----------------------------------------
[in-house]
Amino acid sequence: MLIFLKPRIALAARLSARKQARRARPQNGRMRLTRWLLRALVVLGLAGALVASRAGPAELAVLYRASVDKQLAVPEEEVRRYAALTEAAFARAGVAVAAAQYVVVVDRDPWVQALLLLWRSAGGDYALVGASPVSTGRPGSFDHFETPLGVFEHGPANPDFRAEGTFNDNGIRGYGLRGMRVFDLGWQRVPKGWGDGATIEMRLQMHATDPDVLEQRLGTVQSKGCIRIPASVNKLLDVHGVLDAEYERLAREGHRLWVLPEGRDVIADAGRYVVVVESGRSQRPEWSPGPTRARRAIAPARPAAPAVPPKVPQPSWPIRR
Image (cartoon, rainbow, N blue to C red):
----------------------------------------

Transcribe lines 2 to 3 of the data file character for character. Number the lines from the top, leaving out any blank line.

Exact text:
Amino acid sequence: MLIFLKPRIALAARLSARKQARRARPQNGRMRLTRWLLRALVVLGLAGALVASRAGPAELAVLYRASVDKQLAVPEEEVRRYAALTEAAFARAGVAVAAAQYVVVVDRDPWVQALLLLWRSAGGDYALVGASPVSTGRPGSFDHFETPLGVFEHGPANPDFRAEGTFNDNGIRGYGLRGMRVFDLGWQRVPKGWGDGATIEMRLQMHATDPDVLEQRLGTVQSKGCIRIPASVNKLLDVHGVLDAEYERLAREGHRLWVLPEGRDVIADAGRYVVVVESGRSQRPEWSPGPTRARRAIAPARPAAPAVPPKVPQPSWPIRR
Image (cartoon, rainbow, N blue to C red):